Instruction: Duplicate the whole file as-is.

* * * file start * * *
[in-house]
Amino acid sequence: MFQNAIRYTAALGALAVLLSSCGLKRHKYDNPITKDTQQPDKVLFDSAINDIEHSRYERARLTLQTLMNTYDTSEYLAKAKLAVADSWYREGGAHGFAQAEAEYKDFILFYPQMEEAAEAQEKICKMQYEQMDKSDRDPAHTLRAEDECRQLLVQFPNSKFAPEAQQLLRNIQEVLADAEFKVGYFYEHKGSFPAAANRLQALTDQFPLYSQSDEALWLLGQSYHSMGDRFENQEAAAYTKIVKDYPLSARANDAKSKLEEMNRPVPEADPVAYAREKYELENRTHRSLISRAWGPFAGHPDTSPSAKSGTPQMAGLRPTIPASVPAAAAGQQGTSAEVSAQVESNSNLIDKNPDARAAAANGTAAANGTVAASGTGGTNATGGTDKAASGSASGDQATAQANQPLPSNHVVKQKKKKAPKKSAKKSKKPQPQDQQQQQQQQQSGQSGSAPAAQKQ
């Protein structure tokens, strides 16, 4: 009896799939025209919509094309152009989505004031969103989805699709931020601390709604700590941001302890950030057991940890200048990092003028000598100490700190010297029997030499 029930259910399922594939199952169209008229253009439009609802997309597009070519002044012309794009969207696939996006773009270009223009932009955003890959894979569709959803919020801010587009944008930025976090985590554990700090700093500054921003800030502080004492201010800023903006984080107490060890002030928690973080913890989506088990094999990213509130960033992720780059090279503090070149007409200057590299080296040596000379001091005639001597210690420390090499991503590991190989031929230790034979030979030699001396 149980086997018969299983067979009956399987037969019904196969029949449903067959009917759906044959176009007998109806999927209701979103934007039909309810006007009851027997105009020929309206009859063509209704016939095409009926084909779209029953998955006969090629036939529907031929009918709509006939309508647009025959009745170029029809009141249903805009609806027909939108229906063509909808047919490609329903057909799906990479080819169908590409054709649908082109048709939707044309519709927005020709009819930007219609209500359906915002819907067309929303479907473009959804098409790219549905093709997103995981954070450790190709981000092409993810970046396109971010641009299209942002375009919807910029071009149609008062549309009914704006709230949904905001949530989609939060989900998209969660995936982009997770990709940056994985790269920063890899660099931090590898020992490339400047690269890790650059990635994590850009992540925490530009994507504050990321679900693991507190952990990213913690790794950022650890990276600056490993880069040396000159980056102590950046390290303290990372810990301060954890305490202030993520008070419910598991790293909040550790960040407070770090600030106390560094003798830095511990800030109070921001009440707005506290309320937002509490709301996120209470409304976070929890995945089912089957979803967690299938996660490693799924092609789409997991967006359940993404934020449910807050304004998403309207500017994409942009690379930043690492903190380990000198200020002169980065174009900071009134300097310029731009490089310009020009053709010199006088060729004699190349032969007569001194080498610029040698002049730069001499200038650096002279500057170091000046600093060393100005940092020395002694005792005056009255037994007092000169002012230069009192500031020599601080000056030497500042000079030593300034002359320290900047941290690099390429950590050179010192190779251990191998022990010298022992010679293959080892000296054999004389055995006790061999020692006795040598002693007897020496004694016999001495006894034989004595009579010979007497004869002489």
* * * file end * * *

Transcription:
[in-house]
Amino acid sequence: MFQNAIRYTAALGALAVLLSSCGLKRHKYDNPITKDTQQPDKVLFDSAINDIEHSRYERARLTLQTLMNTYDTSEYLAKAKLAVADSWYREGGAHGFAQAEAEYKDFILFYPQMEEAAEAQEKICKMQYEQMDKSDRDPAHTLRAEDECRQLLVQFPNSKFAPEAQQLLRNIQEVLADAEFKVGYFYEHKGSFPAAANRLQALTDQFPLYSQSDEALWLLGQSYHSMGDRFENQEAAAYTKIVKDYPLSARANDAKSKLEEMNRPVPEADPVAYAREKYELENRTHRSLISRAWGPFAGHPDTSPSAKSGTPQMAGLRPTIPASVPAAAAGQQGTSAEVSAQVESNSNLIDKNPDARAAAANGTAAANGTVAASGTGGTNATGGTDKAASGSASGDQATAQANQPLPSNHVVKQKKKKAPKKSAKKSKKPQPQDQQQQQQQQQSGQSGSAPAAQKQ
């Protein structure tokens, strides 16, 4: 009896799939025209919509094309152009989505004031969103989805699709931020601390709604700590941001302890950030057991940890200048990092003028000598100490700190010297029997030499 029930259910399922594939199952169209008229253009439009609802997309597009070519002044012309794009969207696939996006773009270009223009932009955003890959894979569709959803919020801010587009944008930025976090985590554990700090700093500054921003800030502080004492201010800023903006984080107490060890002030928690973080913890989506088990094999990213509130960033992720780059090279503090070149007409200057590299080296040596000379001091005639001597210690420390090499991503590991190989031929230790034979030979030699001396 149980086997018969299983067979009956399987037969019904196969029949449903067959009917759906044959176009007998109806999927209701979103934007039909309810006007009851027997105009020929309206009859063509209704016939095409009926084909779209029953998955006969090629036939529907031929009918709509006939309508647009025959009745170029029809009141249903805009609806027909939108229906063509909808047919490609329903057909799906990479080819169908590409054709649908082109048709939707044309519709927005020709009819930007219609209500359906915002819907067309929303479907473009959804098409790219549905093709997103995981954070450790190709981000092409993810970046396109971010641009299209942002375009919807910029071009149609008062549309009914704006709230949904905001949530989609939060989900998209969660995936982009997770990709940056994985790269920063890899660099931090590898020992490339400047690269890790650059990635994590850009992540925490530009994507504050990321679900693991507190952990990213913690790794950022650890990276600056490993880069040396000159980056102590950046390290303290990372810990301060954890305490202030993520008070419910598991790293909040550790960040407070770090600030106390560094003798830095511990800030109070921001009440707005506290309320937002509490709301996120209470409304976070929890995945089912089957979803967690299938996660490693799924092609789409997991967006359940993404934020449910807050304004998403309207500017994409942009690379930043690492903190380990000198200020002169980065174009900071009134300097310029731009490089310009020009053709010199006088060729004699190349032969007569001194080498610029040698002049730069001499200038650096002279500057170091000046600093060393100005940092020395002694005792005056009255037994007092000169002012230069009192500031020599601080000056030497500042000079030593300034002359320290900047941290690099390429950590050179010192190779251990191998022990010298022992010679293959080892000296054999004389055995006790061999020692006795040598002693007897020496004694016999001495006894034989004595009579010979007497004869002489």